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Ivermectin for Pets: All You Need to Know

By Dr Jo de Klerk  •   May 31, 2021

Photo Credit: by whsbio09, flickr.com
Photo Credit: by whsbio09, flickr.com

Ivermectin is medication used for treatment of parasites in animals. It is grouped with some other similar drugs under the class of macrocyclic lactones, and commonly used by farm animal and domestic animal veterinarians to treat all manner of external and internal parasites in dogs, cats, cattle, pigs, and horses. Nevertheless, it is commonly used ‘off-label’ or ‘extra-label’ in other species as well, such as other farm animals, rabbits, and guinea pigs.

What is Ivermectin Used for in Pets?

Ivermectin is a versatile antiparasitic medication for animals. In pets, internal parasites such as hookworms, roundworms and Capillaria are typically treated with it, and external parasites, such as demodex mites, scabies mites and ear mites are often effectively managed and eliminated with its use.

Nevertheless, one of the most common uses for ivermectin is the prevention of dog and cat heartworm in the United States and warmer regions of Canada.

Heartworm is a roundworm known as Dirofilaria. It is spread through the bites of mosquitoes, where it enters the blood and travels to the heart and lung vessels. If left untreated, heartworm infections can lead to congestive heart failure and death. Nevertheless, products are available which can be administered monthly to your pet to prevent heartworm disease.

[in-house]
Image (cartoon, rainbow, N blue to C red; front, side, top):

What Presentations of Ivermectin are Available?

Ivermectin is available for animal use in many forms: tablets, chewable treats, topical liquid applications, and injectable forms. Your veterinarian will determine which one is the most suitable for your pet’s ailments.

Here at Canadian Pharmacy King, we stock Heartgard Dog Plus chewable tablets for the prevention of heartworm in dogs. It is combined with pyrantel, which is also effective for protection against hookworm and roundworm infections.

Heartgard Dog Plus tablets are available in three sizes (<11kg, 12-22kg and 23-45kg), depending on the bodyweight of your dog, and come in a pack of six chews, suitable for six monthly preventative treatments.

Photo Credit: by Alice Ortice, flickr.com
Photo Credit: by Alice Ortice, flickr.com

Canadian Pharmacy King also offers ivermectin in the form of a 1%/30g or 1%/60g cream (Rosiver or Soolatra) or 3mg, 6mg or 12mg tablets (Stromectol or generic), however, these are not veterinary preparations, and are only available ‘off-label’ with a prescription from a veterinarian.

Other veterinary forms of ivermectin, such as injectable or topical liquid applications, are not currently available at Canadian Pharmacy King.

How to Give Ivermectin

Ivermectin should be given by following the directions of your prescribing veterinarian. There are many different types of ivermectin application and treatments available, so it is important to follow the directions exactly.

Ivermectin can be given with or without food, however some animals may feel nauseous if given ivermectin on an empty stomach. If this is a case, offer a small amount of food next time.